04 September 2020

One Man's Big Impact on My Family Tree

Revisiting a clean-up project instantly added dozens of relatives to my family tree.

In July I recommended using Family Tree Analyzer to find the unsourced facts in your family tree. For the steps, see Catch and Fix Your Missing Source Citations.

My report seemed to have a lot of false positives. Many facts in the list actually had proper sources in my family tree. Discouraged, I tried another method. I ran the Undocumented Facts report in Family Tree Maker. I exported the report as a massive Excel file. It's huge because I have 25,000 people in my family tree, and I don't add a source for a person's sex. So everyone made it into the report!

I spent time deleting lots of lines from that spreadsheet. Then I decided to revisit the report in Family Tree Analyzer. This time I excluded another fact type (Parental Info) before exporting it to Excel.

With a bit more fine-tuning, the report turned out great.
With a bit more fine-tuning, the report turned out great.

I realized I could cut out all the dates that I left unsourced on purpose. When I don't know someone's birth date, I give them an estimate. In your family tree software, you can type "About" or "Abt" when you're entering an approximate date.

If they are a parent, I make them 25 years older than their oldest child. If I know their spouse's birth year, I estimate they were born about the same year.

Since there can't be a source for my "About" dates, I don't need them in this report. I sorted the report by the Date of Birth column and removed every line where the date begins with "ABT" (for about). Now I'm down to about 114 lines in the spreadsheet. The Undocumented Facts report in Family Tree Maker produced a 45,000-line spreadsheet!

Diving into the New Unsourced Facts Report

The first few lines are for my young cousin-in-law. I have no sources for him, but later I'll see what I can find online.

I'd prefer to work on my 19th century Italian relatives first. The first one in the list is Lorenzo Capozza. In my family tree I see he was born in 1828 in my great grandmother's town of Pescolamazza. He married my 3rd great aunt, Nicolina Caruso, on 19 Apr 1856 in that town.

I must have been rushing along when I found this marriage fact. I didn't save the marriage record to my tree. I didn't chase down Lorenzo's birth date or parents. And I didn't add my sources. Bad genealogist!

Lorenzo was 28 years old when he married my aunt in 1856, so he should have been born in 1828. The marriage record says he was born in the same town, but something's wrong. I have all the town's available vital records on my computer. He isn't in the birth records for 1826 through 1829. I can keep searching each year's birth index, or I can go to the detailed records in the 1856 marriage documents.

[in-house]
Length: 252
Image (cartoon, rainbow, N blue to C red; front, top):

Before I do that, the marriage record says Lorenzo's parents are Pietro Capozza and Maria Emanuele Pennuccia. I looked for them in my family tree.

One Man Makes His Mark

They're in there, along with their son Antonio, 5 grandchildren, 5 great grandchildren, and at least 12 2nd great grandchildren! I'd already pieced together a huge family for them from the vital records collection. But I never found Lorenzo.

Feel free to borrow this image.
Feel free to borrow this image.

But that's only part of the story. All the people related to Pietro Capozza and Maria Emanuele Pennuccia in my tree are UNRELATED to me. I've given them all my "No Relationship Established" graphic as a profile picture. (See How to Handle the Unrelated People in Your Family Tree.)

The moment I make Lorenzo the son of Pietro and Maria, all those people will be my relatives. The relationship is through Lorenzo's wife, my 3rd great aunt.

Why did I put this enormous unrelated family in my tree, you ask? It was an out-of-control case of mistaken identity! When my great grandparents married in 1906, a couple from her hometown were the witnesses. The male witness was Nicola Capozza—same last name as our Lorenzo. But he was from a different branch of the family.

I realized too late that all those descendants of Pietro and Maria were an unrelated family.

Until now.

With Lorenzo attached to his parents, all those people are now relatives. I have to remove the "No Relationship Established" graphic from each one. How tedious.

But I have a method I'd like to share with you.

This trick simplifies an error-prone task.
This trick simplifies an error-prone task.

Here's how I handle a big change like that. I have that graphic attached to a large number of people, so finding all the right people in a list wouldn't be easy. What I do is:

  • Click everyone in the family who needs the graphic removed, one at a time.
  • Change their last name to begin with a 1. Capozza becomes 1Capozza. That makes it easy to find the right people in the list of who's attached to that graphic.
  • Go to one person with that graphic and click to detach it.
  • This brings up a list of each person attached to the graphic. I can select everyone whose name begins with 1.
  • Once I remove the image, I rename everyone in my family tree whose name begins with a 1.

That may not seem like a big deal to you, but it's very helpful. I used to struggle with removing that graphic from the right person. A lot of the townspeople have identical names! I use a 1 so it's at the top of my index of all people—easy to find.

Now comes a much bigger challenge. All those new relatives need their vital records and sources!

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